1 Instruction Pipelines and Branch Delays
2 Pipelined Execution
3 Multiple Instruction Issue
When we think of instruction-level parallelism, we usually imagine a processor issuing several operations in a single clock cycle. In fact, it is possible for a machine to issue just one operation per clock1 and yet achieve instruction-level parallelism using the concept of pipelining. In the following, we shall first explain pipelining then discuss multiple-instruction issue.
1. Instruction Pipelines and Branch Delays
Practically every processor, be it a high-performance supercomputer or a stan-dard machine, uses an instruction pipeline. With an instruction pipeline, a new instruction can be fetched every clock while preceding instructions are still going through the pipeline. Shown in Fig. 10.1 is a simple 5-stage instruction pipeline: it first fetches the instruction (IF), decodes it (ID), executes the op-eration (EX), accesses the memory (MEM), and writes back the result (WB). The figure shows how instructions i, i + 1, i + 2, i + 3, and i + 4 can execute at the same time. Each row corresponds to a clock tick, and each column in the figure specifies the stage each instruction occupies at each clock tick.
If the result from an instruction is available by the time the succeeding in-struction needs the data, the processor can issue an instruction every clock. Branch instructions are especially problematic because until they are fetched, decoded and executed, the processor does not know which instruction will ex-ecute next. Many processors speculatively fetch and decode the immediately succeeding instructions in case a branch is not taken. When a branch is found to be taken, the instruction pipeline is emptied and the branch target is fetched.
Thus, taken branches introduce a delay in the fetch of the branch target and introduce "hiccups" in the instruction pipeline. Advanced processors use hard-ware to predict the outcomes of branches based on their execution history and to prefetch from the predicted target locations. Branch delays are nonetheless observed if branches are mispredicted.
2. Pipelined Execution
Some instructions take several clocks to execute. One common example is the memory-load operation. Even when a memory access hits in the cache, it usu-ally takes several clocks for the cache to return the data. We say that the execution of an instruction is pipelined if succeeding instructions not dependent on the result are allowed to proceed. Thus, even if a processor can issue only one operation per clock, several operations might be in their execution stages at the same time. If the deepest execution pipeline has n stages, potentially n operations can be "in flight" at the same time. Note that not all instructions are fully pipelined. While floating-point adds and multiplies often are fully pipelined, floating-point divides, being more complex and less frequently executed, often are not.
Most general-purpose processors dynamically detect dependences between consecutive instructions and automatically stall the execution of instructions if their operands are not available. Some processors, especially those embedded in hand-held devices, leave the dependence checking to the software in order to keep the hardware simple and power consumption low. In this case, the compiler is responsible for inserting "no-op" instructions in the code if necessary to assure that the results are available when needed.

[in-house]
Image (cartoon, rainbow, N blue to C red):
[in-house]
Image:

3. Multiple Instruction Issue
By issuing several operations per clock, processors can keep even more opera-tions in flight. The largest number of operations that can be executed simul-taneously can be computed by multiplying the instruction issue width by the average number of stages in the execution pipeline.
Like pipelining, parallelism on multiple-issue machines can be managed ei-ther by software or hardware. Machines that rely on software to manage their parallelism are known as VLIW (Very-Long-Instruction-Word) machines, while those that manage their parallelism with hardware are known as superscalar machines. VLIW machines, as their name implies, have wider than normal instruction words that encode the operations to be issued in a single clock. The compiler decides which operations are to be issued in parallel and encodes the information in the machine code explicitly. Superscalar machines, on the other hand, have a regular instruction set with an ordinary sequential-execution semantics. Superscalar machines automatically detect dependences among in-structions and issue them as their operands become available. Some processors include both VLIW and superscalar functionality.
Simple hardware schedulers execute instructions in the order in which they are fetched. If a scheduler comes across a dependent instruction, it and all instructions that follow must wait until the dependences are resolved (i.e., the needed results are available). Such machines obviously can benefit from having a static scheduler that places independent operations next to each other in the order of execution.
More sophisticated schedulers can execute instructions "out of order." Op-erations are independently stalled and not allowed to execute until all the values they depend on have been produced. Even these schedulers benefit from static scheduling, because hardware schedulers have only a limited space in which to buffer operations that must be stalled. Static scheduling can place independent operations close together to allow better hardware utilization. More impor-tantly, regardless how sophisticated a dynamic scheduler is, it cannot execute instructions it has not fetched. When the processor has to take an unexpected branch, it can only find parallelism among the newly fetched instructions. The compiler can enhance the performance of the dynamic scheduler by ensuring that these newly fetched instructions can execute in parallel.